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Old 09-07-2001, 10:12 AM
sbourg sbourg is offline
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Join Date: Jul 2001
Location: SoCal
Posts: 1,303
Well, Jeff, after planning to drop off the car last night, I had second thoughts - decided to try the adjustment myself. I jacked the car up high on the right to get clearance for breaking loose the A-arm bushing bolts with wrenches. I left the wheel on.

I discovered that apparently only the rear one had shifted, so I only adjusted this one, putting it back to about the spot where it had originally been. Due to front bushing 'set' over time, the rear one wanted not to return and stay in that spot without tightening it down. This is a problem, since it should be done at normal ride height, when I can't get the wrenches in position. I simulated this by jacking up under the arm to compress the spring, while backed by jackstands. Then the A-arm snicked into the proper position, and I could lock it into position.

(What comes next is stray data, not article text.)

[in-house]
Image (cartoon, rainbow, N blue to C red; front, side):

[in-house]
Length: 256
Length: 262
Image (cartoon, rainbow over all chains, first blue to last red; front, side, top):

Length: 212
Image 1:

A quick check of front camber now indicated both front wheels about equal and slightly positive. This seems odd, but I will measure more carefully later. Toe seems about the same, which puzzles me more. So I was done, for now.

I drove the car to work this morning. It still self steers a tad, but seems driven entirely by road camber. Much less 'pull'. Cruising up to ~70 mph on the freeway, I noticed a slight oscillation in the steering wheel at some speed - about 60, I think. Else, very smooth, relaxed drive. This will take more investigation, but I suspect tire wear or imbalance could be the cause. Now a new steering damper might help, and maybe a look at gearbox lash.

Overall, though, from this brief drive I feel there is an improvement, and I don't think there was any permanent damage from whatever incident caused the problem, other than treadwear issues.

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